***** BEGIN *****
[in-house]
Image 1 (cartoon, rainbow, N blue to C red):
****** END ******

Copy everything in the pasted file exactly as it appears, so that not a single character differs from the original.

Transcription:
[in-house]
Image 1 (cartoon, rainbow, N blue to C red):